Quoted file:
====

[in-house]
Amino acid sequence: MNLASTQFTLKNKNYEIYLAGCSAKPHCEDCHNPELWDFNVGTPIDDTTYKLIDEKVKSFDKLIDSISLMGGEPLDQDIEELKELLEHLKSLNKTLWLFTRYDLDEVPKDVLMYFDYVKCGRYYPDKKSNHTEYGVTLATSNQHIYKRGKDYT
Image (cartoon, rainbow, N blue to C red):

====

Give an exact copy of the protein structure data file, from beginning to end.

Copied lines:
[in-house]
Amino acid sequence: MNLASTQFTLKNKNYEIYLAGCSAKPHCEDCHNPELWDFNVGTPIDDTTYKLIDEKVKSFDKLIDSISLMGGEPLDQDIEELKELLEHLKSLNKTLWLFTRYDLDEVPKDVLMYFDYVKCGRYYPDKKSNHTEYGVTLATSNQHIYKRGKDYT
Image (cartoon, rainbow, N blue to C red):